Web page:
My oh my, you sure know how to arrange things
You set it up so well, so carefully
Ain’t it funny how your new life didn’t change things?
You’re still the same old girl you used to be

You can’t hide your lyin’ eyes
And your smile is a thin disguise
I thought by now you’d realize
There ain’t no way to hide your lyin’ eyes
There ain’t no way to hide your lyin’ eyes
Honey, you can’t hide your lyin’ eyes

Songwriters: Glenn Frey / Don Henley
Lyin’ Eyes lyrics © Universal Music Publishing Group

♫ Tequila Sunrise ♫

As sometimes happens, my inspiration has dried up tonight.  I was ready to give up, snuggle down in the rabbit hole and leave you sans music.  And then, I popped over to fellow-blogger Michael Seidel’s site just to see if perhaps he had any extra inspiration lying around.  Turns out, he did!  He had a flock of Eagles singing this song!  Thanks, Michael!!!  I owe you one {I actually owe him a few!}

Glenn Frey and Don Henley, both of the Eagles, wrote this song together, and Frey sang lead. Along with “Desperado,” it was one of two songs they came up with the first week that they started writing together. The songs formed the basis for a Western theme, with Frey and Henley comparing the life of a cowboy to that of a musician.

According to Frey, he was lying on a couch playing the guitar, and came up with a guitar riff he described as “kinda Roy Orbison, kinda Mexican”. He showed Henley the guitar riff and said: “Maybe we should write something to this.”

The title refers to a cocktail named Tequila Sunrise that was then popular.  According to Henley …

“I believe that was a Glenn title. I think he was ambivalent about it because he thought that it was a bit too obvious or too much of a cliché because of the drink that was so popular then. I said, ‘No-Look at it from a different point of view. You’ve been drinking straight tequila all night and the sun is coming up!’ It turned out to be a really great song.”

The line, “Take another shot of courage,” refers to how if you drink tequila, it will give you courage to talk to women (although not coherently). The Eagles, who knew their way around a tavern, used to refer to tequila as “instant courage” at a time then they needed some to approach the ladies.

The song only made it to #64 in the U.S. and #68 in Canada, but I still like it.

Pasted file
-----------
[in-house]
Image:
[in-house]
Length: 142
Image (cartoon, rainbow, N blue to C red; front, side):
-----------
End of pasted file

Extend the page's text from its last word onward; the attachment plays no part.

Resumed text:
Tequila Sunrise
Eagles

It’s another tequila sunrise
Starin’ slowly ‘cross the sky
Said goodbye
He was just a hired hand
Workin’ on the dreams he planned to try
The days go by

Ev’ry night when the sun goes down
Just another lonely boy in town
And she’s out runnin’ ’round

She wasn’t just another woman
And I couldn’t keep from comin’ on
It’s been so long
Oh and it’s a hollow feelin’
When it comes down to dealin’ friends
It never ends

Take another shot of courage
Wonder why the right words never come
You just get numb
It’s another tequila sunrise
This old world still looks the same
Another frame

Source: LyricFind
Songwriters: Glenn Frey / Don Henley
Tequila Sunrise lyrics © Universal Music Publishing Group

♫ Desperado ♫ (Redux)

A few nights ago, I played One of These Nights by the Eagles, and I noted then that Desperado is my all-time favourite Eagles song.  A few readers agreed with me, so tonight, as it is late and I am tired, I am taking a shortcut and reduxing this song. 


You know how some songs get stuck in your head and just refuse to leave?  This one does that to me periodically.  This, and Girl From Ipanema.  And these days, of course, Fool on the Hill.

Don Henley began writing parts of this in the late ’60s, but it wasn’t arranged into a song until his songwriting teammate Glenn Frey came along. It was the first of many songs Henley and Frey wrote together.

Henley explained in the liner notes for The Very Best of the Eagles: “Glenn came over to write one day, and I showed him this unfinished tune that I had been holding for so many years. I said, ‘When I play it and sing it, I think of Ray Charles –  Ray Charles and Stephen Foster. It’s really a Southern gothic thing, but we can easily make it more Western.’ Glenn leapt right on it – filled in the blanks and brought structure. And that was the beginning of our songwriting partnership – that’s when we became a team.”

Desperado is a classic rock staple, but it was never released as a single.  The song has also been recorded by Linda Ronstadt, Kenny Rogers, the Carpenters, Bonnie Raitt, and Ringo Starr, but I prefer the Eagles version.

I love the lyrics to this … yes, there is a certain sadness to them … but … they are poignant and remind me of …

Desperado
Eagles

Desperado, why don’t you come to your senses?
You been out ridin’ fences for so long now
Oh, you’re a hard one
But I know that you got your reasons
These things that are pleasin’ you
Can hurt you somehow

Don’t you draw the Queen of Diamonds, boy